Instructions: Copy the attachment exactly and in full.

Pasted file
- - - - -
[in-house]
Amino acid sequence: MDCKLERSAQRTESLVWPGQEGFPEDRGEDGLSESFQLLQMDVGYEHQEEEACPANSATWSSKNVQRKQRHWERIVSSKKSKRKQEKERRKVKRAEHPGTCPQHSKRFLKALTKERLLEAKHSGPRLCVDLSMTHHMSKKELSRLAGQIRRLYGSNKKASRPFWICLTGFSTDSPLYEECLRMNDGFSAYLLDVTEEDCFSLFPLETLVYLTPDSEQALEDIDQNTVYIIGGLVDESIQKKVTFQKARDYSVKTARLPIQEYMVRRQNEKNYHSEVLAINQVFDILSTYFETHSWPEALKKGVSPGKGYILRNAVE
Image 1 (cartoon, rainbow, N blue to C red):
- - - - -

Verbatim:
[in-house]
Amino acid sequence: MDCKLERSAQRTESLVWPGQEGFPEDRGEDGLSESFQLLQMDVGYEHQEEEACPANSATWSSKNVQRKQRHWERIVSSKKSKRKQEKERRKVKRAEHPGTCPQHSKRFLKALTKERLLEAKHSGPRLCVDLSMTHHMSKKELSRLAGQIRRLYGSNKKASRPFWICLTGFSTDSPLYEECLRMNDGFSAYLLDVTEEDCFSLFPLETLVYLTPDSEQALEDIDQNTVYIIGGLVDESIQKKVTFQKARDYSVKTARLPIQEYMVRRQNEKNYHSEVLAINQVFDILSTYFETHSWPEALKKGVSPGKGYILRNAVE
Image 1 (cartoon, rainbow, N blue to C red):